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Thompson: adviser with criminal past "a good man"
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14:59, November 05, 2007

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U.S. Republican presidential candidate Fred Thompson on Sunday defended a close adviser who a report says has a criminal record for drug dealing, but he did not say whether the man would continue with his campaign.

The Washington Post reported Sunday that businessman Philip Martin, a co-chairman of Thompson's campaign, pleaded guilty in 1979 to the sale of 11 pounds of marijuana and no contest in 1983 to cocaine trafficking and conspiracy charges. He was placed on probation.

In the ensuing years, Martin moved to Tennessee, accrued wealth with the help of prominent Chattanooga business executives and, as an increasingly prolific donor to Republicans, became a friend and confidant of Thompson.

Speaking with reporters after an appearance on NBC's "Meet the Press" on Sunday, Thompson said he wasn't aware of the criminal charges against Martin until his campaign was contacted by the Post and understood that the crimes were committed decades ago.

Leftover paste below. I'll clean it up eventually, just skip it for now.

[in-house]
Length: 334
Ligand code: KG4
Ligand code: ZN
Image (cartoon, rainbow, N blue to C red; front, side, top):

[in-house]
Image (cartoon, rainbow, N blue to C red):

"I know Phil is a good man. He is my friend. He is going to remain my friend. He didn't go to jail, he got probation, he's paid his debt to society and turned himself around and become a good, productive, successful citizen," Thompson said.

He said he would talk to Martin and figure out "what the right thing is," but that "I'm not going to throw my friend under the bus for something he did, you know, 25 years ago if he's OK now."

But Thompson did not give a direct answer when asked whether Martin will continue to work with his campaign.

"On the other hand, I'm running for president, I've got, you know, to do the right thing, you know, and problems occur, and I'll just have to figure it out," Thompson added.

Thompson asked Martin to raise the seed money for his 2008 presidential bid and named him one of four campaign co-chairmen. Thompson was also a frequent passenger on Martin's private jet. Campaign aides had jokingly begun to refer to Martin as the head of "Thompson's Airforce."

According to the Post, Thompson's frequent flights aboard Martin's Cessna have saved him more than 100,000 U.S. dollars.

Source: Xinhua/Agencies




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